Ozymandias is the Greek name for the pharaoh Rameses II. The statue is ruined, the legs remain but the body has fallen. The face lies in the sand, ‘half-sunk’ and ‘shattered’, making it hard to recognise. According to the inscription which has survived, the king erected the statue to draw attention to his works – but his own face has not survived. The king’s statue is successful in capturing those passions that the king had, making the works valued, much like his own poem.

The poet uses the first person pronoun “I” to begin his sonnet. Then he switches the focus to a third person deliberately and cleverly; a traveler, whose words form the remaining thirteen lines. This kind of format was very unusual for a sonnet at that time and it reflects Shelley’s innovative thinking.

The reader is listening in to a conversation between two people, he or she has a third person perspective on what is being said in the exchange between a traveller, who has recently returned from a journey through an ancient country and the poet. It is this person who then narrates the story about the huge statue in the sands of the desert, a monument of a great leader which has now lost all its glory.

Shelley has evocative language, which creates some very intense images. From the second line on, the reader is confronted with a vivid picture of the situation with majestic and heavy words such as ‘vast and trunkless’, ‘half sunk’,’shattered visage’ ‘frown and wrinkled lip’ and ‘sneer of cold command’. This heavy description reflects Shelley’s personal thoughts on people who hunger for and have power. Ozymandias is taken to be a commentary on the ephemeral nature of power and it reflects Shelley’s dislike for monarchs and dictators who wield power and are tyrants.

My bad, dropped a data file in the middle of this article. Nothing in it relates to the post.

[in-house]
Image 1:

This broken and weathered statue lies in a desolate place that stretches on for miles and miles. Not a lot of people go through the desert, or would desire to. This is a metaphor for the fame that is lost of a once great leader and has been buried in the sands of time.

We can notice the contempt that the poet holds for the arrogance of Ozymandias – ‘for his hand mocked and his greedy heart fed on people’. The inscription on the statue further reinforces the idea that a once powerful king thought highly of himself and build up his ego by declaring he is king of kings. The mightier they are, the heavier they fall seems to be a part of Shelley’s message.

Ozymandias: Further analysis

Ozymandias was written in 1817 by P.B. Shelley, who had some very strong opinions on the political state of Britain and Europe at that time. Ozymandias could have been inspired by the life of Napolean Bonaparte. Bonaparte had invaded Egypt a few years earlier and then fought with the British to hold them off from gaining control of the Nile and its lands. But Napoleon eventually lost the war and was exiled to a distant island, St Helena, where he died in 1821.

Ozymandias stands the test of time for this reason; dictators, tyrants and others who misuse their absolute power will tumble down from the seat of power eventually.

The choice of a sonnet is very unusual for Shelley to use, for is a traditional form for the expression of love. There are three voices, the original “I”, the traveler and the voice of Ozymandias himself in the poem. Shelley has woven the voices into a seamless commentary on the sands of time and the effects of time on arrogance and power.